Pre-hospital National Early Warning Score (NEWS) is associated with in-hospital mortality and critical care unit admission: a cohort study
Annals of Medicine and Surgery
MetadataShow full item record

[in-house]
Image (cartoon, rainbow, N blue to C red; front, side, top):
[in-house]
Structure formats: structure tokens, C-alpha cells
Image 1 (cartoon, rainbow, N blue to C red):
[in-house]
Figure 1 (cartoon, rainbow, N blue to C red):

Background National Early Warning Score (NEWS) is increasingly used in UK hospitals. However, there is only limited evidence to support the use of pre-hospital early warning scores. We hypothesised that pre-hospital NEWS was associated with death or critical care escalation within the first 48 h of hospital stay. Methods Planned secondary analysis of a prospective cohort study at a single UK teaching hospital. Consecutive medical ward admissions over a 20-day period were included in the study. Data were collected from ambulance report forms, medical notes and electronic patient records. Pre-hospital NEWS was calculated retrospectively. The primary outcome was a composite of death or critical care unit escalation within 48 h of hospital admission. The secondary outcome was length of hospital stay. Results 189 patients were included in the analysis. The median pre-hospital NEWS was 3 (IQR 1–5). 13 patients (6.9%) died or were escalated to the critical care unit within 48 h of hospital admission. Pre-hospital NEWS was associated with death or critical care unit escalation (OR, 1.25; 95% CI, 1.04–1.51; p = 0.02), but NEWS on admission to hospital was more strongly associated with this outcome (OR, 1.52; 95% CI, 1.18–1.97, p < 0.01). Neither was associated with hospital length of stay. Conclusion Pre-hospital NEWS was associated with death or critical care unit escalation within 48 h of hospital admission. NEWS could be used by ambulance crews to assist in the early triage of patients requiring hospital treatment or rapid transport. Further cohort studies or trials in large samples are required before implementation.